Canada’s Nabati Foods Is Now Making Vegan Eggs Using Lupin Beans (What’s a Lupin Bean?)

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Nabati Foods, a plant-based food tech based in Vancouver, has expanded its line-up with vegan eggs. Called Nabati Plant Eggz, the new liquid vegan egg replacement is expected to hit shelves later this year. Nabati says that it is now filing a patent for its proprietary formulation, which is free from soy, gluten and uses lupin beans and pea protein as its base. 

Nabati Foods is entering the vegan egg alternative sector, announcing that it is filing patents for its new Nabati Plant Eggz in Canada, the U.S. and Australia. Unlike other plant-based foods on the market, the new product is a soy-free and gluten-free liquid egg replacement made from lupin beans and pea protein. It is expected to launch on the market later this year. 

The company, which claims to be the first to develop a Canadian-made plant-based egg product, has filed to patent its product in Canada, the U.S., and Europe. It says plans are underway to patent the product in Europe and China as well. 

Lupin bean eggs 

In keeping with Nabati’s soy-free, gluten-free and certified kosher vegan line-up, the new Plant Eggz bears a unique ingredient list compared to other vegan products on the market. The most famous egg alternative, the JUST Egg developed by Eat Just, uses mung beans as its base. Other vegan egg brands have used ingredients like aquafaba or chickpea water.  

Nabati’s upcoming vegan egg product will come in liquid form. (Image: Unsplash)

Nabati says that its proprietary formulation contains plant proteins derived from lupin beans and peas. “Our product uses lupin and pea protein to provide the right consistency, taste, and texture. It was important to us to create a formulation that was free of soy and gluten, which many people avoid in their diets,” commented Nabati CEO Ahmad Yehya. 

Lupin or lupini beans are popular in Mediterranean cuisine, often eaten pickled or brined. U.S.-based company Brami was first to market the beans in single-serve snack pouches.

According to Nabati, using lupin beans and pea protein also delivers a better nutritional profile. Each serving of Plant Eggz contains 6 grams of protein, 2 grams of fibre and is a good source of vitamins E, B12, A and riboflavin. It can be scrambled or used to make savoury egg dishes like omelettes, and will be rolled out in 355-ml bottles.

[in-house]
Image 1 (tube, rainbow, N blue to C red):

Eat Just makes its vegan liquid egg, the JUST Egg, out of mung beans. (Image: Eat Just)

Plant-based egg demand

While innovation in the plant-based space continues to be dominated by the meat alternatives sector, demand is growing for more substitutes for other animal-based foods. The plant-based dairy and egg market, for instance, has been eyed as key categories poised to grow rapidly in the next few years. 

According to U.S. market research firm EMR, the global plant-based egg sector is expected to grow nearly 6% until 2026 to reach around $1.48 billion in value. Nabati Foods says it wants to launch its vegan egg replacement in Asia and Europe in the future, capturing markets with high egg consumption. 

Asian markets are also a key target for plant-based egg giant Eat Just. The firm has strategically ramped up its presence in China in recent years, launching on e-commerce majors and Tmall, partnering with local fast-food chain Dicos and opening up its own vegan culinary studio in Shanghai.

Speaking about the brand’s intention to file patents in China and Europe, Yehya said: “These patents will further enable Nabati Foods to build its global brand and enter new markets to capitalize on the growth of the plant-based sector globally.” 

Driving the vegan ‘evolution of food’

Nabati’s product range includes meat, fish and cheese alternatives. (Image: Nabati Foods)

Yehya added that Nabati’s expansion into the egg sector is just part of the company’s ongoing growth of its vegan range. The company’s product line includes vegan meat alternatives like chicken, burger patties, beef grounds, and fish made from pea protein. Nabati also makes cheese alternatives and vegan cheesecake desserts using coconut as its base. 

“This is just our latest innovation created to continue to help us drive the evolution of food for health-conscious consumers everywhere who are committed to building a more sustainable future,” said the CEO.

The brand has recently been boosted with $6.2 million in private placement financing to help scale its production capacity and double down on R&D. According to the company, the pandemic-driven rise in demand for vegan food has helped drive an 85% year-on-year increase in its revenue in 2020. 

Lead image courtesy of Nabati Foods.


  • Sally Ho

    Sally Ho is Green Queen's former resident writer and lead reporter. Passionate about the environment, social issues and health, she is always looking into the latest climate stories in Hong Kong and beyond. A long-time vegan, she also hopes to promote healthy and plant-based lifestyle choices in Asia. Sally has a background in Politics and International Relations from her studies at the London School of Economics and Political Science.

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